Emmanuelle Charpentier about her time after the Nobel Prize

What has happened after the Nobel Prize? How did the workplace climate in Umeå contribute to the success and why is it important that young people devote themselves to research? Watch an exclusive interview with Professor Emmanuelle Charpentier, 2020 Nobel Laureate in Chemistry.

Published: 2022-12-09 Updated: 2023-06-13, 13:55 Text: Johanna Fredriksson

Interview with Emmanuelle Charpentier

Umeå University met Emmanuelle Charpentier, two years after receiving the Nobel Prize in Chemistry. How has the prize affected her, what has happened in the research field and what she hopes for in the future.

Since 1901, the Nobel Prize has been awarded to laureates at a ceremony held on 10 December each year, in commemoration of Alfred Nobel’s death. But the corona pandemic prevented the traditional 2020 ceremony in Stockholm. Instead, Emmanuelle Charpentier, who was awarded the Nobel Prize in Chemistry for her discovery of the CRISPR-Cas9 gene-editing tool, received her prize in Berlin.

After two years hugely impacted by the pandemic, the 2022 ceremony is finally back to its traditional format and for that Emmanuelle Charpentier was invited to the Blue Hall (Blå hallen) in Stockholm.  

In conjunction with the ceremony and her visit to Sweden, Umeå University had an exclusive interview with Emmanuelle Charpentier. She describes what the award has meant to her, what development has taken place linked to CRISPR-Cas9 in recent years and what hopes she has for the future.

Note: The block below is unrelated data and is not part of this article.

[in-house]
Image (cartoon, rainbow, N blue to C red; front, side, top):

She also develops on what importance the workplace climate at Umeå University had on her success, why it is important that young people also devote themselves to research, and what advice she has for future researchers.

Watch the Nobel Prize Award Ceremony

Honorary doctor at Umeå University

Emmanuelle Charpentier is an honorary doctor at Umeå University, former visiting researcher at the Umeå Centre for Microbial Research, UCMR, and former research leader at the Laboratory of Molecular Infection Medicine Sweden, MIMS.

In 2020, she was awarded the Nobel Prize in Chemistry for her discovery of the gene-editing tool CRISPR-Cas9. A discovery she made during her time as a researcher at Umeå University. The prize was awarded jointly to Emmanuelle Charpentier and the American researcher Jennifer A. Doudna.

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